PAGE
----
As Mother’s Day draws nearer, I find myself getting unexpectedly weepy.
First off, now I’m a mom. A role I wasn’t sure I was ever going to have, certainly one I came to later in life. It’s all now really sinking in.
I’m someone’s mom.
Here’s the part where my experience is different from other mothers and where some deep sadness fills my heart.
In addition to being over the moon about our baby, I can’t help but think about Ruby’s birth mom. And how her loss has been the biggest gift we’ve ever received.
Our precious girl.
Talk about a double-edged sword. Someone else’s loss being your gain? Let’s not even talk about what the kids have lost. Totally does my head in.
A number of people have written so eloquently about what adoption has taught them , about how the adoptive parents (NOT the children) are the lucky ones and honoring their son’s birth mother, that I ask you grab your favorite beverage and read their posts. All these posts brought me to tears and made me want to add my thoughts about adoption and birth mothers which at this point are not very eloquent.
I do have to say that not all of our experiences are the same, however I feel a deep kinship with other adoptive parents. I wanted to highlight some of the ways adoption is heartbreakingly beautiful, with an emphasis on heartbreaking.
Since I’m having some trouble putting together my thoughts on adoption and birth mothers in an eloquent way, I’ll just list them in no particular order. I bring these topics up now because I’ve been an adoptive mama for a while now and believe it or not these have come up. In the spirit of transparency on the internet, many brave bloggers are sharing what they are afraid of.
I do fear people are going to take offense to what I’m about to say. Some want to tell me our experience as mothers is exactly the same and while there are many commonalities, there are a few huge differences. Some will find out they’ve accidentally stepped on toes because they’ve been curious. Some will find my thoughts presumptuous. So be it.
I’m filing this post under: Things I’m Afraid To Tell You.
While I do not know my daughter’s birth mother, we are connected and I am forever in her debt. Ruby is a gift. She’s changed me in totally wonderfully unexpected ways.
Sometimes I find myself sobbing because I missed the first nine months with Ruby. She was so well cared for which is a relief, however I ache for that lost time.
Please don’t ask to know the details of a birth mother’s circumstances – it isn’t your business. I am nosy by nature, so I get it. But really, not your (or my) business. It is an awkward moment for everyone involved. That story truly does belong to the adoptive child and when they are old enough may or may not wish to share those intimate details of their past with you.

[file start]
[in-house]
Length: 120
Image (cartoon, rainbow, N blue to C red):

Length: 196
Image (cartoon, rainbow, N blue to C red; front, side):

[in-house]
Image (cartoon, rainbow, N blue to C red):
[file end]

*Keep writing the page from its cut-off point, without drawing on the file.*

I know I’ve already over-shared some of Ruby’s history with people because I have been caught off guard. I feel awful about this because it’s not my story to tell. If I’ve shared anything about this history, please do not share with anyone. If I haven’t, please don’t ask.
Please don’t make assumptions about birth mothers. There is no typical story. There is no archetype. They are women just like us, making difficult choices. And for god’s sake, please don’t make comments about how “some” people are “breeding” and are “crackheads” who just irresponsibly give birth multiple times.
Really? sounds like right-wing anti-woman propaganda from the 80s.
Just stop it.
For all we know, the woman standing next to us in line at the grocery store has an adoption story. For some, it is a secret. I imagine, a painful one. Even without your judgement.
Please don’t judge birth mothers. They may or may not have different life styles than us. Comments about how you could never give up a child aren’t helpful either. Under certain circumstances, we’d all make tough choices to hopefully better the life of our child.
Please don’t say adoptive parents are lucky or saintly for adopting a child – we really are the lucky ones. We are the ones gaining a child to love.
Please don’t give parenting advice until you are also parenting an adoptive child – some things are just different when you are starting your life from a loss. Also, we lean toward Attachment Parenting and would probably be parenting this way even with a biological child.
What are you afraid to tell people? Please share in the comments or write a post of your own and link back.
Please know that comment kindness is greatly appreciated.
Thanks to EZ at Creature Comforts for the challenge. And Jess for getting it all started.